It has become a bit of a sport to mock common core math problems. The amount of explaining and figuring has parents suggesting that the easiest way to do math is still to line the numbers up and then perform the operations. The thing is, I learned math this way. And, I can do math. But, I didn’t really understand it until I took a class on teaching math during my graduate program in education. The teacher taught us math using manipulatives. He want back to the basics, addition, subtraction, multiplication, and showed us how it worked using squares, blocks, and lines. I couldn’t believe it. I had so much fun and it felt like a new world had opened for me. Suddenly, I knew why I got the numbers that I did. I learned several ways to come to the same answer. I could see it, literally see the answer, right in front of me.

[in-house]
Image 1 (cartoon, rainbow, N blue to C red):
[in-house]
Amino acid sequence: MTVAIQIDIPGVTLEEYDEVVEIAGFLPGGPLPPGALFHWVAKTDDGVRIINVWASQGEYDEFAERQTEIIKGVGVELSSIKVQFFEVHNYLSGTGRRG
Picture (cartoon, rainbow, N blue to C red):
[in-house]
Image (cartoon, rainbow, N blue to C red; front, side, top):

That is what the Common Core does. It asks teachers to make sure children can show how to solve a problem and why it works. Because, in life, we don’t solve problems that look like this: 124-65= _____. We see problems that look like this: Shoot, it’s 2:40 and I have to be at the school to pick up my kids at 3. It takes me twenty minutes to drive there but I need to stop and pick up some dish soap and that will take me fifteen minutes. Can I make it?
So, doing problems in neat lines with sharp pencils just simply isn’t real life.